Senate President Aquilino Pimentel III, a key ally of Duterte, agreed with Sereno and urged the Supreme Court to review its decision, saying it's "not infallible in everything." Another senator, JV Ejercito, warned of a possible constitutional crisis if the House of Representatives proceeds to impeach Sereno despite her removal.

Estrada says: "What is alarming is the blatant disregard of the highest law of the land. I urge the public to remain calm. Despite this setback, let us not lose our confidence in our democracy."

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2:45 p.m.

A Philippine opposition leader says the ouster of Chief Justice Maria Lourdes Sereno is a mockery of the constitution.

Sen. Francis Pangilinan also says Congress should insist on its exclusive constitutional role to remove key officials like her through impeachment.

Pangilinan, who heads the opposition Liberal Party, says "what the majority in the Supreme Court did was a mockery of the constitution." He says "the people should express to the court that the decision was wrong and unacceptable." He also says Sereno should appeal.

Aside from a government petition to declare Sereno ineligible to lead the Supreme Court over her alleged failure to declare her wealth before she became chief justice, she also faced an impeachment complaint in the House of Representatives. She says she was ready to defend herself if the impeachment case reached the Senate for trial.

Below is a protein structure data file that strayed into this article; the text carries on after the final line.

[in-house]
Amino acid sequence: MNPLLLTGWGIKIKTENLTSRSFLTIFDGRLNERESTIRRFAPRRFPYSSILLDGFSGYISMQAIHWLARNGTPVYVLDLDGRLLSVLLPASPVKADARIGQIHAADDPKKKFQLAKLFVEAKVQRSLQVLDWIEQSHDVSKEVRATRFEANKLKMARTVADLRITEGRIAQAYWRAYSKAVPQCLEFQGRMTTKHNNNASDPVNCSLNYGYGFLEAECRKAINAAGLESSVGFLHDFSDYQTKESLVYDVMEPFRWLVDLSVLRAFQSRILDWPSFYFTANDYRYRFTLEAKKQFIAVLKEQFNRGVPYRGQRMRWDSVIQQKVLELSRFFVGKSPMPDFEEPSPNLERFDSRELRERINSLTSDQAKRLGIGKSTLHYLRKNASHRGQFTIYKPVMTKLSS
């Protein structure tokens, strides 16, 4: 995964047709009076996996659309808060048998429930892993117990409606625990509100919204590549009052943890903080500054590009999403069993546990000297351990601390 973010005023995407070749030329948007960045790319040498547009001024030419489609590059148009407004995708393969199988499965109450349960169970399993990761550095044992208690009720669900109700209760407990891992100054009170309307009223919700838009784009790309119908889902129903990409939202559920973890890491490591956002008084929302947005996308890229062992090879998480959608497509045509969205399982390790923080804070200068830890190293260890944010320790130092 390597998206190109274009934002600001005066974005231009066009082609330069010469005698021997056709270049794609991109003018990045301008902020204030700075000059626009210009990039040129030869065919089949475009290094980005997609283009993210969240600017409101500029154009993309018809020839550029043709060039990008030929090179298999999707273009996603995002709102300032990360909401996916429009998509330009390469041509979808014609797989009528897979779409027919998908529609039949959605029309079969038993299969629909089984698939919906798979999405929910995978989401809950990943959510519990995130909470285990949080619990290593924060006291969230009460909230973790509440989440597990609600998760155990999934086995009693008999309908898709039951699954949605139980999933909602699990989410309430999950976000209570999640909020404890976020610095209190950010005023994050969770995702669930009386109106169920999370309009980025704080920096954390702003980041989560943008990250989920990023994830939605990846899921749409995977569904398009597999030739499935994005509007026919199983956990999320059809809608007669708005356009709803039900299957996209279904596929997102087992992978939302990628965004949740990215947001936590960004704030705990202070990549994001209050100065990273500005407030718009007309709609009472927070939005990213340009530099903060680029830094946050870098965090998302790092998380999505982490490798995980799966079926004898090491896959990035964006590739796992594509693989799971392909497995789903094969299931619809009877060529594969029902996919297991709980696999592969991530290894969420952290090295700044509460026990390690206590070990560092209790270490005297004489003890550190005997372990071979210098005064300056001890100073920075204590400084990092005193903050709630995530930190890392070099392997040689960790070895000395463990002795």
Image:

But the impeachment process has now been pre-empted by the unprecedented vote Friday to remove her from the Supreme Court, sparking legal confusion over what would happen to the votes she cast on cases in the years she led the country's highest court.

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1:15 p.m.

Ousted Philippine Chief Justice Maria Lourdes Sereno has emerged from the Supreme Court after her colleagues voted to remove her and is asking hundreds of protesting supporters to organize a movement to defend justice and accountability.

Sereno told the crowd: "Let's continue to defend the constitution and fight wrongdoing. Let's continue to spread the message of democracy and reason."

She says the justices who voted to boot her out of the 15-member tribunal seized "the sole responsibility of the Senate, brazenly violated their sworn responsibility to protect the constitution and destroyed the judiciary."

Sereno has been at loggerheads with President Rodrigo Duterte and has urged Filipinos to stand up to his authoritarian rule. She has been speaking up for the respect of law and human rights, irking Duterte at a time he has led a brutal crackdown on illegal drugs that has left thousands of suspects dead.

The former law professor at the state-run University of the Philippines says the government petition that her fellow justices approved violated the constitution, which provides that top officials like her can only be removed by impeachment.

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12:05 p.m.

The Philippine Supreme Court spokesman says Chief Justice Maria Lourdes Sereno has been ousted in a vote by fellow judges acting on a government petition, which sought her removal in a move she calls unconstitutional.

Court spokesman Theodore Te says eight of 14 justices voted Friday to remove Sereno from the 15-member tribunal for allegedly failing to file statements of assets and liabilities as required by law. Sereno denies the allegation and did not participate in the vote.

Hundreds of protesters denouncing Sereno's ouster rallied outside the court.

Sereno has been at loggerheads with President Rodrigo Duterte and has urged Filipinos to stand up to his authoritarian rule. She also has been speaking up for the respect of law and human rights, irking Duterte at a time he has led a brutal crackdown on illegal drugs that has left thousands of suspects dead.